Capital letters

By Robert Garran

Once, in a conversation with a speechwriter from the Prime Minister’s Office, I commented on how ridiculous it was that public servants didn’t understand the rules about when and when not to use capital letters. I mentioned the bad habit of starting the word ‘government’ with a capital letter when used generically and not as part of a full title. I thought this was an innocent comment, but it provoked a heated response. My reference to the Australian Government’s Style manual was to no avail—this speechwriter’s views were firmly fixed, and no reference to authority would change his mind.

I soon realised that hardly anybody in government knew about the Style manual or that it is meant to be the authoritative reference for writing in the Australian Government.

When I worked for the Department of the Prime Minister and Cabinet, I thought I’d had a big win persuading the department to briefly follow the Style manual in the correct use of capitals. This victory, however, was short-lived: a new secretary was appointed to head the department and wanted things done his way, not the way of the Style manual.

In the light of all this, here are my conclusions and some tips on writing style, and, in particular, on the use of capitals.

The first, general conclusion is that there is no agreement in government—let alone in the wider community—on issues of style. Style is a matter of convention and, in spite of what school teachers, grammarians or other authorities may say, there are no definitive right or wrong practices.

What’s important is that, at a minimum, you are consistent in the style you use in a single document, and preferably across your whole office, team or organisation (and ideally even across the whole of government, but that’s an idle fantasy).

To achieve that kind of consistency, you need a reference point—which is what style guides are for. I like the Style manual—partly due to long familiarity, but also because I think its ‘rules’, for the most part, follow clear and sensible principles.

As for the use of capitals, there are a few points that are not in dispute: use capitals at the start of sentences and for names.

Beyond that, however, even commonplace issues are approached in different ways. One simple rule that the Style manual follows, which would save a lot of grief if people understood it, is to use capitals for proper nouns and lower case for common nouns.

This rule may seem obvious, but people often want to use capitals for words that are, in fact, common nouns.

Think of the cartoon character Felix, a cat. Felix is a particular cat, and Felix is his name, his full name in the cartoon is Felix the Cat. So, in that case, you use a capital letter for ‘Cat’. But let’s say you want to ask someone to feed Felix. You could say, ‘Would you please feed the cat’. Nobody has any problem using a lower-case ‘c’ for ‘cat’ in this instance. It seems like common sense, and it is.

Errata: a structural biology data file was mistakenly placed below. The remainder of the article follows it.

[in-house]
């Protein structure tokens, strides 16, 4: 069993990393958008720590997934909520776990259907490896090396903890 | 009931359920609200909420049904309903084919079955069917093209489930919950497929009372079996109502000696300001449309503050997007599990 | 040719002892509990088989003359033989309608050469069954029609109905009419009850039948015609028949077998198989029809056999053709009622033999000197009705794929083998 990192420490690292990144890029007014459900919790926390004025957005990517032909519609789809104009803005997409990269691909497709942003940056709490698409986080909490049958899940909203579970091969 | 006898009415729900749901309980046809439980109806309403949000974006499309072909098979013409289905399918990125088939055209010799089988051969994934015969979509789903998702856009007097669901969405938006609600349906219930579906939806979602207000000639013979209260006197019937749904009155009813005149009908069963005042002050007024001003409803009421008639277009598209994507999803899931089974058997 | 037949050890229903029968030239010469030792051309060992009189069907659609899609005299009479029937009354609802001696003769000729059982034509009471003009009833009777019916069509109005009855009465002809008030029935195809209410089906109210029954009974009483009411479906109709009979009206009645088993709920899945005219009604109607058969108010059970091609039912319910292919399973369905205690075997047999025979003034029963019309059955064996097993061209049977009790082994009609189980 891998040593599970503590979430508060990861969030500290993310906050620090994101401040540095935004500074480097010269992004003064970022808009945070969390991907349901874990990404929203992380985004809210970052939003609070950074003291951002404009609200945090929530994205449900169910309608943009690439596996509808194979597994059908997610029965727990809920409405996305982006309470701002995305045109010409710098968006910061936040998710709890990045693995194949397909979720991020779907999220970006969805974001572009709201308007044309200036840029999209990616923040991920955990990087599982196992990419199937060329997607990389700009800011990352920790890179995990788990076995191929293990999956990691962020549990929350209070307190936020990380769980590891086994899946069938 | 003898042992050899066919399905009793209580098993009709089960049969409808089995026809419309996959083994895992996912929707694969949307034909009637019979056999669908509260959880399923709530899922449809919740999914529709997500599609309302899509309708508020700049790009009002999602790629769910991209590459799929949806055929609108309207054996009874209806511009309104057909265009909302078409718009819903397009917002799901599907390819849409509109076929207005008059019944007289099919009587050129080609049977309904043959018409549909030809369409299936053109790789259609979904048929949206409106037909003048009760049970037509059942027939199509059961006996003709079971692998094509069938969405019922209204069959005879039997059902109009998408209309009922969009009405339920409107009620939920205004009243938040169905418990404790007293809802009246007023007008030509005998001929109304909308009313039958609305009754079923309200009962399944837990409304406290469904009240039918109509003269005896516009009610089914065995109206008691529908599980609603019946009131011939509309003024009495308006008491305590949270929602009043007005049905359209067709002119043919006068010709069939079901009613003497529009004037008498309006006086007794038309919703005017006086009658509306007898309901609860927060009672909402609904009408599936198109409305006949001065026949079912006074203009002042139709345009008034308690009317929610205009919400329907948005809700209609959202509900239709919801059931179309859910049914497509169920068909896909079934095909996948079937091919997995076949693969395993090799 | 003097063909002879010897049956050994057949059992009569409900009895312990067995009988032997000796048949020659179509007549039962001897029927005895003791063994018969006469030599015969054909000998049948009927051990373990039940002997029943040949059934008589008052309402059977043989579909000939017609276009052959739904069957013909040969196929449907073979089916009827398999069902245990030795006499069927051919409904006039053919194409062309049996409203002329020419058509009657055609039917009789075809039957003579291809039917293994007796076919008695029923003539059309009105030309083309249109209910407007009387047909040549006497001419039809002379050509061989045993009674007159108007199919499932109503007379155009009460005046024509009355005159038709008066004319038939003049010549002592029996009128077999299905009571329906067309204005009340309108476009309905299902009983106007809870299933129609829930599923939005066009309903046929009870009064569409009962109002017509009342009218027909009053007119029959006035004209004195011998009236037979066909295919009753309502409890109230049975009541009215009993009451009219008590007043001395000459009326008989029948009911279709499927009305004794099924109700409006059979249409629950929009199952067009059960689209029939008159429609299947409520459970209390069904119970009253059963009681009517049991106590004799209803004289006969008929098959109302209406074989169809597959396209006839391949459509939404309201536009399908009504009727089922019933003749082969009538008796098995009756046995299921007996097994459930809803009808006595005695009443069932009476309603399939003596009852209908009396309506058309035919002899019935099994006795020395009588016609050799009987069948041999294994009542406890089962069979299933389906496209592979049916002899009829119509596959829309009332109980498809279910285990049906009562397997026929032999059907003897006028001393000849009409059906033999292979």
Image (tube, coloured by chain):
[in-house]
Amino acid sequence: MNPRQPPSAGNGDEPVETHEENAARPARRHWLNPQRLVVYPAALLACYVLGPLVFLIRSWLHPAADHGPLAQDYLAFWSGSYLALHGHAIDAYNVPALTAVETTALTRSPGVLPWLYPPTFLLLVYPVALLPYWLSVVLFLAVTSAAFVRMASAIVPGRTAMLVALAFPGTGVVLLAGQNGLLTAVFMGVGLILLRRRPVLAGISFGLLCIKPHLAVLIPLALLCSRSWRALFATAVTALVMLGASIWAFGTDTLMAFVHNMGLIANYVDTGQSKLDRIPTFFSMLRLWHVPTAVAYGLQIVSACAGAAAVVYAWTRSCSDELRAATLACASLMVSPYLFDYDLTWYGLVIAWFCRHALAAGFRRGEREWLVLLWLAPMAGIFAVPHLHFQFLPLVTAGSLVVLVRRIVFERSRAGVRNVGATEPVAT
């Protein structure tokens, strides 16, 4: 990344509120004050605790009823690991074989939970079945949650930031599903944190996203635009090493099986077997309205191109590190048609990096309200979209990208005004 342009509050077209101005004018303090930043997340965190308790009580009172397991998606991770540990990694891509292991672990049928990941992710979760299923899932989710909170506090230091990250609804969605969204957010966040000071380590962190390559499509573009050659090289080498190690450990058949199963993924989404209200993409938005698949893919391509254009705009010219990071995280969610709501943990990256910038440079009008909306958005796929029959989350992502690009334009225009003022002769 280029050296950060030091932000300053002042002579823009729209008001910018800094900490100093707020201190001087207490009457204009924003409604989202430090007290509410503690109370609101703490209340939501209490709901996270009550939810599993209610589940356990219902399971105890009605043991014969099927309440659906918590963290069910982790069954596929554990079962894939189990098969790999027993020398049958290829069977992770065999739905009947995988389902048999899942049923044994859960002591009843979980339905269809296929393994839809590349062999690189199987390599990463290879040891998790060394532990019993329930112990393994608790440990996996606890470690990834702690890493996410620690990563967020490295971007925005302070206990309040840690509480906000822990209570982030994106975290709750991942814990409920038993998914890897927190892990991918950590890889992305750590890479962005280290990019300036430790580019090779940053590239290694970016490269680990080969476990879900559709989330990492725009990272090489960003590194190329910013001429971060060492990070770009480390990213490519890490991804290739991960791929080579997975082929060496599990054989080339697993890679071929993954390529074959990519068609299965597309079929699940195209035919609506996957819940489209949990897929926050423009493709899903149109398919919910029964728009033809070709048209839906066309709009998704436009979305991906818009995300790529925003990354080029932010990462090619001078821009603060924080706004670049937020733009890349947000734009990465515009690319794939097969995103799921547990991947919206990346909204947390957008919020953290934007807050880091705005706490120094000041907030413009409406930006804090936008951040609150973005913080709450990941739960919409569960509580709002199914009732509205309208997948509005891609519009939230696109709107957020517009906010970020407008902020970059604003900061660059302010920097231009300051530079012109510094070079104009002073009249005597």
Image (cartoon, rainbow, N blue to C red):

Yet public servants can’t seem to resist using capital letters for words such as ‘government’ and ‘minister’, even in cases parallel to feeding the cat. If you are following the Style manual, the same rule should apply. You should say, ‘please write a letter to the minister’, and ‘the government has decided to crack down on misuse of capital letters’.

You would use capitals, however, if you were saying ‘please write a letter to the Minister for Capital Letters’, or ‘The Government of Australia has decided to crack down on misuse of capital letters’.

Even the Style manual can’t quite let go of bad habits, however. It is, after all, the work of a committee, with vested interests to protect. So there are exceptions to the common noun/proper noun rule; they’re detailed in a section headed ‘Using capitals for terms associated with government’, which begins on page 124. It starts by saying—and I’m paraphrasing—that ‘generally’, terms associated with government should be capitalised according to the normal rules, but there are a few exceptions. Here are a few of those exceptions, and some potentially ambiguous cases where lower case should still be used:

  • The Commonwealth of Australia can be shortened to the Commonwealth. But federal government should stay in lower case.
  • The words state and territory are used in lower case, except sometimes when the Territory refers to the Northern Territory, as it has become a conventional, semi-official name.
  • Government and parliament are capitalised only when part of full formal title, such as the Commonwealth Parliament or the Government of Australia – although Australian Government should be capitalised too (logically it shouldn’t).
  • Some nouns are capitalised ‘to distinguish them from their generic meaning’. These exceptions to the general rule are specifically listed, and you simply have to learn them, and accept the illogicality. They are: the Cabinet, the Treasury, the Crown, the House (meaning either chamber of parliament), and the Budget.
  • But in the case of the Budget, it is not capitalised when it or a derivative is used as an adjective or in plural—so you have budget provisions, the budgetary process or successive federal budgets.

See what trouble you get into when you create an exception to the simple rule? Go figure—or, if you can’t figure it out, consult the Style manual.

I should point out here that, in practice, most departments don’t fully adhere to the Style manual. Many can’t let go of using a capital ‘G’ for government and a capital ‘M’ for minister, even when the Style manual says they shouldn’t. So if that affects you, and if you value your job, just follow the rule for your workplace—assuming you can figure out what that is.

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